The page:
The Coming Market for Optical Fiber and Cable
C. DAVID CHAFFEE
“The market for optical fiber cable has shifted dramatically in the past five years to local deployments, away from long haul and regional.”
The market for optical fiber and cable is a critical piece of the broader optical components pie. Its installation is also the most labor-intensive part of the network, particularly for underground and undersea connections.
The optical fiber and cable cost for a fiber optic system represents less than 10 percent of the total system installation cost if labor is included. Although price reductions have affected all types of optical components, they have been most unkind in some ways to optical fiber and cable. Until recently, price erosion had been 10 to 15 percent annually. However, the damage to the Sumitomo Electric Industries plant in northern Japan has shifted that trend – at least for now.
To understand today’s market for optical fiber and cable, one must go back to its origins. Scientists at Corning Inc. developed the first commercial optical fiber in 1970. In 1976, Corning and the then AT&T signed a cross-licensing agreement to share the basic discoveries that surrounded the technology. AT&T has since sold its fiber business to Furukawa Electric Co. Ltd., which operates it under the name OFS.
Corning and OFS remain the No. 1 and No. 2 optical fiber makers in the world, respectively, although other vendors, such as Prysmian SpA and Draka Holding NV – which have since become one company – are very competitive.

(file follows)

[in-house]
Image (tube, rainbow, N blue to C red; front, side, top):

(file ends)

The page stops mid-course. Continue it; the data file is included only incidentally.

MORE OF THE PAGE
Corning and OFS control every aspect of the optical fiber-making process, including extruding the glass from draw towers, doping it, cooling it, stringing it, testing it, marking it, and then either cabling it or shipping it to other cablers.
Although Corning, OFS and some other vendors have cabling facilities near their fiber-producing plants, each also sells a substantial amount of its fiber to outside cablers, including Superior Essex and General Cable.
There are many reasons for this. For one, carriers often like to have multiple cablers submit competitive bids. For another, outside cablers might deal in markets that the in-house cabler may not.
The market at one time was fairly evenly divided between optical fiber on the one hand and cable and accessories on the other. For years, Corning has held a fun internal competition between Corning Optical Fiber and Corning Cable Systems to see which one would generate more revenue in a year. However, because of the density of access installations, the balance has shifted to as high as 70 percent accessories and 30 percent fiber. Besides cable, Corning Cable Systems provides connectors, splicing, housing, jumpers, cabinets and strength members to go into the cable.
The global drive to implement FTTX into more new venues is good news for makers of optical fiber and related components.
In fact, a dominant theme is that the market for optical fiber cable has shifted dramatically in the past five years to local deployments, away from long-haul and regional. This is the impact of FTTX, which calls for far more dense applications in neighborhoods, cities and other highly focused areas. Savvy optical components vendors are making the changes necessary for optical fiber to succeed in these markets, including preterminated cables and ultrabend fiber.
Optical fiber cable is being caught up in the global move to broadband. There will be a generally firm growth trajectory for it over the life of this report. In fact, optical fiber production should increase from 147 million kilometers of fiber in 2011 to 204 million in 2017.
Active optical cables
Active optical cables (AOCs), a fast-growing market that started up in the past five years, have a built-in transmitter and receiver, so there is no need for connectors.
Last year, the AOC market was in the neighborhood of $50 million, with sales in the range of 160,000 units. The market will triple during the life of this report.